- Using the gym or cafe as a classroom: You may have seen pictures of these spaces as classrooms in articles from across the country. We could have put a teacher in charge of a larger group of in-person students in these spaces. We decided these spaces are not the best for full-time in-person learning due to lighting, sound and we want the flexibility to use these spaces as needed for specials or lunch going forward.
- Hybrid: We have the highest rate of student return, right around 60%. Four of six grade levels are over 60%, with 3rd grade at 66% return. We looked at full hybrid and even partial hybrid - where one grade comes every day, but another grade follows a 2 day per week model. We built a very complex model so that all students could return fully. It took an immense amount of work, but we did the best we could for this quarter to avoid the hybrid.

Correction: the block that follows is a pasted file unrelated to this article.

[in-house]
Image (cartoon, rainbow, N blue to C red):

With all of this planning, the virtual program was at the forefront. As we created these plans, it was a wholistic process for our teams - looking at how we serve BOTH groups in the best way possible. Though our virtual class sizes are larger than we would like in 3 of the grades, they are all under our threshold of 30, with assistance of a virtual para given where needed. Our highest class sizes virtually right now are in 2nd, 3rd, and 4th. 2nd grade average is 29, with a half-time virtual para assisting, 3rd grade average is 26 with a half-time virtual para assisting and 4th grade is at 27. Please keep in mind that some of these class sizes have been in place all year, or have only increased by a few students. We continue to monitor both our virtual and in-person program and with 19 days left in the 3rd quarter, we will still add supports where needed.